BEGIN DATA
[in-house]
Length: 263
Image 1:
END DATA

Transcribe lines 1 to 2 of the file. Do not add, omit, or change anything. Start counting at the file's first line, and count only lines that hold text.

[in-house]
Length: 263